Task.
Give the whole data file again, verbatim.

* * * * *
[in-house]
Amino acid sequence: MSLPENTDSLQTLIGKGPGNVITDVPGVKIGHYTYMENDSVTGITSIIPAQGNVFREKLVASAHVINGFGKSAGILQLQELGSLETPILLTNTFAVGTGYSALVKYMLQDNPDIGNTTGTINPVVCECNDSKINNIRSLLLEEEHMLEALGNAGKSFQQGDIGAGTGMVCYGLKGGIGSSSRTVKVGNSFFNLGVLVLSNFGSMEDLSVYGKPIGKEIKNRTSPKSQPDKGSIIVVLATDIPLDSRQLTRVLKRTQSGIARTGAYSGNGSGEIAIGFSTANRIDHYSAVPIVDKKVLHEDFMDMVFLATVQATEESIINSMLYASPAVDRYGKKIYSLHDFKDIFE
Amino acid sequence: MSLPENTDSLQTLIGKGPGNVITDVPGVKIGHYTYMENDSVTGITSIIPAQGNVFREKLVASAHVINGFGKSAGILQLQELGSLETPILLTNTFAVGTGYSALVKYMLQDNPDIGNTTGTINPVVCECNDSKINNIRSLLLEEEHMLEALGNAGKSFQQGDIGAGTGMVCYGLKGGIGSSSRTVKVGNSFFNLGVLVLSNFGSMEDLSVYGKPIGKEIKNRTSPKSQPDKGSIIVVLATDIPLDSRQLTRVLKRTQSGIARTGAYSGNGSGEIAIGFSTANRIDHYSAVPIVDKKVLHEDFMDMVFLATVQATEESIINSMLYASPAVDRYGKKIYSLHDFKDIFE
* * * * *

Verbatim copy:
[in-house]
Amino acid sequence: MSLPENTDSLQTLIGKGPGNVITDVPGVKIGHYTYMENDSVTGITSIIPAQGNVFREKLVASAHVINGFGKSAGILQLQELGSLETPILLTNTFAVGTGYSALVKYMLQDNPDIGNTTGTINPVVCECNDSKINNIRSLLLEEEHMLEALGNAGKSFQQGDIGAGTGMVCYGLKGGIGSSSRTVKVGNSFFNLGVLVLSNFGSMEDLSVYGKPIGKEIKNRTSPKSQPDKGSIIVVLATDIPLDSRQLTRVLKRTQSGIARTGAYSGNGSGEIAIGFSTANRIDHYSAVPIVDKKVLHEDFMDMVFLATVQATEESIINSMLYASPAVDRYGKKIYSLHDFKDIFE
Amino acid sequence: MSLPENTDSLQTLIGKGPGNVITDVPGVKIGHYTYMENDSVTGITSIIPAQGNVFREKLVASAHVINGFGKSAGILQLQELGSLETPILLTNTFAVGTGYSALVKYMLQDNPDIGNTTGTINPVVCECNDSKINNIRSLLLEEEHMLEALGNAGKSFQQGDIGAGTGMVCYGLKGGIGSSSRTVKVGNSFFNLGVLVLSNFGSMEDLSVYGKPIGKEIKNRTSPKSQPDKGSIIVVLATDIPLDSRQLTRVLKRTQSGIARTGAYSGNGSGEIAIGFSTANRIDHYSAVPIVDKKVLHEDFMDMVFLATVQATEESIINSMLYASPAVDRYGKKIYSLHDFKDIFE